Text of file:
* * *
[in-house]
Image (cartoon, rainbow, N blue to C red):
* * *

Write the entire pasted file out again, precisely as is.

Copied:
[in-house]
Image (cartoon, rainbow, N blue to C red):